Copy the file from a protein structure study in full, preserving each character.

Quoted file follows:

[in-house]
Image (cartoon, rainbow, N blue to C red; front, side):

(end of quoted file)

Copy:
[in-house]
Image (cartoon, rainbow, N blue to C red; front, side):